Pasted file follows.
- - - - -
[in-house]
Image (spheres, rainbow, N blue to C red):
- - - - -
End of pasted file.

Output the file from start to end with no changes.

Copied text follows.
[in-house]
Image (spheres, rainbow, N blue to C red):